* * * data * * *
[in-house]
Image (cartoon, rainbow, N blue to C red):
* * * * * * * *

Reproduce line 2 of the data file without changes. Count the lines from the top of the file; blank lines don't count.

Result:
Image (cartoon, rainbow, N blue to C red):